NARROWS FESTIVAL Last week, this space said that Labor Day brought a last blast of festivals. Call this a straggler, then, offering a full day of music that includes rootsy fare from Chuck Prophet, Seth Walker, and Amy Black and the wild world melange of the Debo Band. There’s children’s programming, visual arts, and restaurant fare. Sept. 8, 11 a.m. Free. Narrow Center for the Arts, Fall River. 508-324-1926,


    Jazz, Blues & Cabaret

    HOWARD ALDEN & ANAT COHEN The Israel-born Cohen is undoubtedly today’s most critically acclaimed jazz clarinetist. She teams up with swing guitar master Alden for an evening of intoxicating improvisation. Sept. 6, 8 p.m. $25. Woods Hole Community Hall, 68 Water St., Woods Hole,

    JACKY TERRASSON The Franco-American pianist won the Thelonious Monk Piano Competition in 1993 and has played with everyone from Ron Carter to Cassandra Wilson. He remains among the most consistently eloquent and elegant pianists in jazz. Sept. 6, 8 and
    10 p.m. $25. Scullers. 617 562-4111,


    BARRETT ANDERSON A night of hot “hypno-boogie-blues” in celebration of the singer/guitarist’s new album, “The Long Fall.” Anderson and his band will be joined for their first set by special guests: vocalist/harmonica player Dennis Brennan and vocalists/guitarists Samantha Farrell and Emily Anderson. Their second set will feature the band on its groovy, organ-fueled own. Sept. 7, 10 p.m. $10-$12. Atwood's Tavern, 877 Cambridge St., Cambridge. 617-864-2792,,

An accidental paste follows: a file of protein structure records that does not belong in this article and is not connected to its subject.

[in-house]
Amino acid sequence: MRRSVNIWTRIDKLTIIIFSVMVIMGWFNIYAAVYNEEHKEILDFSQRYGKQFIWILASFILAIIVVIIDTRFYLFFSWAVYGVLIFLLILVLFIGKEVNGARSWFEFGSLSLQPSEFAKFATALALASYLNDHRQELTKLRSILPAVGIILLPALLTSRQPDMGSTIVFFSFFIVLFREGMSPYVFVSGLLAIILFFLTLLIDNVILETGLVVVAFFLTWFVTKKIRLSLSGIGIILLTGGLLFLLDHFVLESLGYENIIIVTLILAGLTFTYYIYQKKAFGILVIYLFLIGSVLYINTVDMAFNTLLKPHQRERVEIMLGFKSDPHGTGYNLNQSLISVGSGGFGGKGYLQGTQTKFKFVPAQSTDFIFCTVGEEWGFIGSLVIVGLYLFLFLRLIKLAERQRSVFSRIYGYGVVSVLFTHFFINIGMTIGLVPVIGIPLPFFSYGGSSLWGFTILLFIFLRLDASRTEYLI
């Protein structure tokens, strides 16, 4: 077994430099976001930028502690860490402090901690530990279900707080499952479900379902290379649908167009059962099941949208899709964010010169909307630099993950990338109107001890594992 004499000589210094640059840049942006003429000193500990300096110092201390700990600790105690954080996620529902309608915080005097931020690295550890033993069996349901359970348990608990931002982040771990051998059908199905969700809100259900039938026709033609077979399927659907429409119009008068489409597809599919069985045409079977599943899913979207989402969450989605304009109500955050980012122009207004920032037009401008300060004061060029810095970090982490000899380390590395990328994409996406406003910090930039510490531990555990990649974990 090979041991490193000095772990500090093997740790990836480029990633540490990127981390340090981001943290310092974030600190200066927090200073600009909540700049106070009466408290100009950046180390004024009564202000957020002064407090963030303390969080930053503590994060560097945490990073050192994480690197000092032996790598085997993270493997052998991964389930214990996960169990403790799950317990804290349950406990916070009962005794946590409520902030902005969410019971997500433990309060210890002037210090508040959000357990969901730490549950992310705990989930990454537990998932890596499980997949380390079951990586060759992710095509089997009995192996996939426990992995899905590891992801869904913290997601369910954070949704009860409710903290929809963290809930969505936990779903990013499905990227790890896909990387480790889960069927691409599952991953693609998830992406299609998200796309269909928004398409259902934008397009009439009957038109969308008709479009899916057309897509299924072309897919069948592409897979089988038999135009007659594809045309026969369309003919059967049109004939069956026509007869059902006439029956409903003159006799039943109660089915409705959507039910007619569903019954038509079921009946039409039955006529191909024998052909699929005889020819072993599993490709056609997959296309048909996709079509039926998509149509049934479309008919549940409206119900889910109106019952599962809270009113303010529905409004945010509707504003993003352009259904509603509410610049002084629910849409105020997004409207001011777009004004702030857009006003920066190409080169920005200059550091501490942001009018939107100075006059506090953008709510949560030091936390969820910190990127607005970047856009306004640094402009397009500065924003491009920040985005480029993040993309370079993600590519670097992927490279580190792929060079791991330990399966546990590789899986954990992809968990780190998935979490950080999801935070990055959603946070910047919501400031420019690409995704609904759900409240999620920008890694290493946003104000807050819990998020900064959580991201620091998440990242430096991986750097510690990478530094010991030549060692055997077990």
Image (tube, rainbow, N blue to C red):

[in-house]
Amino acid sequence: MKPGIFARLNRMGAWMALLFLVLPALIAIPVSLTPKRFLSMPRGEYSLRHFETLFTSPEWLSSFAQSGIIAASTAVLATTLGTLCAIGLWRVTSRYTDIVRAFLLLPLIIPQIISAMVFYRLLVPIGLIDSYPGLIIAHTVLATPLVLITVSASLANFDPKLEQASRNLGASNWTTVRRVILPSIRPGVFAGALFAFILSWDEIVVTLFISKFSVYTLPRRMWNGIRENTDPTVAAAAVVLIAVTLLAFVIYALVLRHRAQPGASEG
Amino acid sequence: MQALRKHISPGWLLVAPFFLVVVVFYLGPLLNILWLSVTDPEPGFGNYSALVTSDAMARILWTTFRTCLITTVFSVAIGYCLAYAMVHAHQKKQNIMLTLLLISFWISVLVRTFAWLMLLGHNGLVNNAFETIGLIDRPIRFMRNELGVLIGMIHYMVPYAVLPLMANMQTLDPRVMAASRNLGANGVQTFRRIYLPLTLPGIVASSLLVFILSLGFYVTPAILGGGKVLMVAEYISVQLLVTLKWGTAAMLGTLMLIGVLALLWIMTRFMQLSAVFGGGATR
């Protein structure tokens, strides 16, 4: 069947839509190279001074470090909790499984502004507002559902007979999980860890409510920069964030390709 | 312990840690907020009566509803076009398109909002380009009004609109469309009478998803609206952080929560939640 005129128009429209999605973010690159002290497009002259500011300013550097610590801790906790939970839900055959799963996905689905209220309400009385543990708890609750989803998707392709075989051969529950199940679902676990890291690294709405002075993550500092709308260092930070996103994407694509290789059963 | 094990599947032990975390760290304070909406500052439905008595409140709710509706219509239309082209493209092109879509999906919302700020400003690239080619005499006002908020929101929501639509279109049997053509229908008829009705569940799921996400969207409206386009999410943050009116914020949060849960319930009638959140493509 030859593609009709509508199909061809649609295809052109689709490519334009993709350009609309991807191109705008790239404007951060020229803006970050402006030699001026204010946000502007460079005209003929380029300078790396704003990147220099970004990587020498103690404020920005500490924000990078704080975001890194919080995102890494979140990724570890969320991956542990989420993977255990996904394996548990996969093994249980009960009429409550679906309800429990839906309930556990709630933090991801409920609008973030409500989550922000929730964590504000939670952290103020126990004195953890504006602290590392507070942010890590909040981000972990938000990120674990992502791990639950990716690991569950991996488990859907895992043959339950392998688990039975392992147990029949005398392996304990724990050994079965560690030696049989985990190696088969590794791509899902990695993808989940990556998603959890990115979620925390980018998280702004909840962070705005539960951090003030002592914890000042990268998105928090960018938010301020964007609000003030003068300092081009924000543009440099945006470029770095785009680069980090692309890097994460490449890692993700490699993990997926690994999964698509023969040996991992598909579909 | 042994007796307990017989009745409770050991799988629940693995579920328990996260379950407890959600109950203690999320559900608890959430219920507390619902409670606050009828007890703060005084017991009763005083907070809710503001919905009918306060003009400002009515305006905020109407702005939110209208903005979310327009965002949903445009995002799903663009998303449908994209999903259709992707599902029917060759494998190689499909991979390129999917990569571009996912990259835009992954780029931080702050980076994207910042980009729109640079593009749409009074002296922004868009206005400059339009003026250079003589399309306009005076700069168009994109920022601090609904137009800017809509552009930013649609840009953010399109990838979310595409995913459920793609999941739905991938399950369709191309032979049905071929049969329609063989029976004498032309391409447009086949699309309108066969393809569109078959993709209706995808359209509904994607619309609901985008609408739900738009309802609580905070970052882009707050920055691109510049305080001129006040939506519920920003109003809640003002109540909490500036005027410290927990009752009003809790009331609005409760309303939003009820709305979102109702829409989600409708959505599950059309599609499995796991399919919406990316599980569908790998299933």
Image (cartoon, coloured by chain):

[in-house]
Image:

CHARLIE HUNTER & SCOTT AMENDOLA DUO Guitar master Hunter’s 7- and 8-string instruments allow him to occupy the bass register as well as typical guitar territory. He and drummer Amendola have been playing together for decades, and by now their improvisational interplay is practically telepathic. Their recent album, “Not Getting Behind Is the New Getting Ahead,” finds them exploring and evoking everything from jazz and blues to rock and hip-hop. Sept. 10, 8 p.m. $23-$25. Club Passim, 47 Palmer Street, Cambridge. 617-492-7679,

    Kevin Lowenthal



    WINSOR MUSIC This chamber series directed by the eloquent oboist Peggy Pearson opens its season with music by Beethoven and Schumann alongside the premiere of a new work by Daniel Crozier. Sept. 8, 7 p.m. St. Paul’s Church, Brookline. 781-863-2861,

    HONORING FENWICK SMITH The former BSO flutist and NEC faculty member will be honored at the Jordan Hall recital of flutist Thomas J. Wible, featuring works by Leclair, John Heiss, Peter Child, and others. Sept. 8, 3 p.m. Jordan Hall. 617-461-3994,

    BORROMEO STRING QUARTET Even older than Tanglewood, the venerable South Mountain Concerts offer a wealth of chamber music options in the Berkshires after the BSO summer season has ended. This year’s lineup includes an appearance by the Borromeo Quartet performing works by Beethoven and Dvorak alongside the premiere of a new quartet by Lera Auerbach. Sept. 8, 3 p.m. Pittsfield. 413 442-2106,

    FIVE COLLEGE NEW MUSIC FESTIVAL Composers with ties to the Pioneer Valley are the focus of this three-day festival, with works by Lewis Spratlan, Kate Soper, David Sanford, and many others. Sept. 6-8. Bezanson Hall, UMass-Amherst.

    Jeremy Eichler